2.  Can you see any differences in this story from the others? How should these differences instruct us in our walk with the Lord and our work in our Personal Mission Field? Every person is different, Lord, so I must…

3.  The Word of Christ is powerful to heal. Is it powerful to save? How powerful? That is, with what kinds of people? People such as the ones in your Personal Mission Field? Lord, I believe that Your Word is powerful! Help me to…

4.  In this situation, grace and courage triumph over fear and infirmity by the power of God’s Word. How would you state this as a principle to guide your witness for the Lord? Give me grace and courage today, Lord, and equip me with Your Word so that…

5.  It did not bother Jesus that He unsettled the settled traditions and practices of His day. He was on a mission from God. Should we be concerned that our witness for Christ might upset some people’s view of what is right or appropriate or true? Explain. Bring together into one prayer the prayers you composed for questions 1-4.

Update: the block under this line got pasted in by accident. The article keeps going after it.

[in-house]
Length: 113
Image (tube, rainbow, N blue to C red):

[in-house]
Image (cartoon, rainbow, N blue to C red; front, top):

“Of so many who lay sick, only one was healed; although, had he chosen to do so, our Lord could have restored them all by a single word. How should we account for this? We might suppose that his power and goodness were asserted more for imparting knowledge of eternal salvation to the soul than for working a temporal cure on the body.… That which received the temporal cure was certain to decay at some point when death arrived, whereas the soul that believed passed into eternal life.” Augustine 9354-430 AD)

The fear of men and the grip of sin are no match for people of grace and courage who are on a mission from God. How should you apply this lesson in your life today?

Closing Prayer
Praise the LORD!
Sing to the LORD a new song,
AndHis praise in the assembly of saints.
Let Israel rejoice in their Maker;
Let the children of Zion be joyful in their King.
Let them praise His name with the dance;
Let them sing praises to Him with the timbrel and harp.
For the LORD takes pleasure in His people;
He will beautify the humble with salvation.
Let the saints be joyful in glory;
Let them sing aloud on their beds.